Abstract: Action research has repeatedly demonstrated how it can facilitate problem solving and change in many settings through a process of collaboration which is driven by the community at the heart of the research. The ethical review of action research can be challenging for action researchers and research ethics committees. This paper explores how seven ethical principles can be used by action researchers and research ethics committees as the basis for ethical review. This paper concludes by offering some suggestions for a way forward for both action researchers and research ethics committees.

Discussion Questions:

  1. Please discuss what challenges researchers using action research have faced relating to the ethical review process, particularly as they have sought ethical approval for their research.
  2. Please discuss several of the requirements established to evaluate the ethics of a research project.
  3. What role may action research play in future research studies?


Nind, Melanie, Rose Wiles, Andrew Bengry-Howell, Graham Crow.  2013. Methodological Innovation and Research Ethics: Forces in Tension or Forces in Harmony? Qualitative Research 13 (6): 650-667.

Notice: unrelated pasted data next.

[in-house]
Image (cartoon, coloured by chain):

Abstract: This article is an exploration of the tensions inherent in the interaction between ethics and methodological innovation. The authors focus on three cases of innovation in qualitative research methods in the social sciences: netnography, child-led research and creative research methods. Using thematic analysis of data collected through semi-structured interviews with the innovators and commentators on the innovations, they discuss issues of ethical responsibility, democratisation of research, empowerment and the relationship between research and the academy. This article highlights the ways in which innovation is about reflexivity as well as new techniques. It shows how innovation may be about managing risk rather than taking risks: the innovators are cautious as much as creative, operating within a culture in which procedural ethical regulation acts to limit methodological development and in which they (and other users of their method/approach) communicate the safe qualities alongside the innovative qualities of their approach.